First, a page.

Explore different technological options to support your business. The MedAccred Subscribers recently authorized temporary virtual accreditation extension audits to enable companies whose accreditations were due to lapse a safe way to maintain their status. This type of audit can be used only when a physical on-site audit cannot be conducted. While not as desirable as an on-site in-person audit, it is bridging the gap for now. MedAccred virtual accreditation extension audits are limited scope audits conducted via videoconference technology that extend a current MedAccred Accredited auditee’s certificate for 3 months if they meet all requirements and properly close out their findings. The auditor conducts the audit with a representative from the factory, operating a live-stream video device pointed at areas on the factory floor that the auditor requests to see. In addition to live streaming from the factory floor while production lines are running, documents are shared and reviewed through normal videoconference application, such as Microsoft Teams or Zoom.

Case Study
“Jabil Circuit (Shanghai) Ltd. gained MedAccred printed circuit board assemblies accreditation in April 2019. This was a very proud moment for our team, and the result of a lot of hard work. The MedAccred audit is not a simple checkbox exercise; the auditor really looks in detail into the procedures and records, as well as observing parts processing in real time.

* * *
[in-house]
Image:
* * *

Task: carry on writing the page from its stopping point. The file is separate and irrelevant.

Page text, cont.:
“Accreditation is initially awarded for one year. Due to the COVID-19 pandemic, there was a risk of accreditation lapse. Measures such as travel restrictions and social distancing, as well as concern for the safety and welfare of all involved in the audit, made it difficult to conduct an onsite audit. We partnered with the MedAccred team and were able to successfully host a virtual accreditation extension audit online.

“This meant the MedAccred auditor conducted our audit at a distance, covering the key requirements and permitting Jabil Circuit (Shanghai) Ltd. a three-month extension on our accreditation. It is not the same as conducting the audit in person but it is a great example of how technology can be leveraged in these challenging times to demonstrate our unwavering dedication to quality and ability to satisfy our customers’ requirements. The intent is that this will help us evidence our compliance until we can welcome the MedAccred auditor back onsite again.”

Alice Wang, Manager of Quality System at Jabil Circuit (Shanghai) Ltd.